Another case of research out of context ... or scientists standing so close to the woods, they can't see the trees.

So let's take a look at this "paragon of virtue" today. Crete. Where the Mediterranean diet emanated from.

The place where people live longer and have a low incidence of heart disease. Or so we're told.

In very rough terms, the inhabitants of Crete today consume at least twice the saturated fat they did when data was collected back in the 50's.

They also consume three-and-one-half times the trans-fats and cholesterol they did ... and about half the fiber.

Sort of like us.

Which means they've got a one-way ticket to all the nasties that go along with a diet that is totally inappropriate for human beings.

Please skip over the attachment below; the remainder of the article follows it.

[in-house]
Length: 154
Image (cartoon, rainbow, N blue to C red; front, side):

So much for the Mediterranean diet.

Oh yeah, did you know that Spain actually tops the USA in the obesity tables? Both are in the top 20 countries. The USA has a third of their population that is obese (old figures, I'm guessing) and Spain exceeds 40%!

But Spain makes good red wine and cold pressed olive oil and sells a bunch of it all over the world!

The New England Journal of Medicine (something I seldom quote) remarked way back in 2003 that it was "unfortunate" that the main message people got from the whole Mediterranean hype was to eat more olive and canola oil.


Because they are only adding more calories to a diet that is already beleaguered by excess calories.

It went on to say that the message "should be" to eat more fruit, vegetables and legumes ... and fewer foods rich in saturated fats.

Yes, I know ... olive oil is a mono-unsaturated fat. But it is still calorie-dense and refined from olives so it has no fiber.

Next week ... the Atlantic diet. Eat like an Atlanticasian! (Disclaimer: intentional parody here).

I'll drink to that!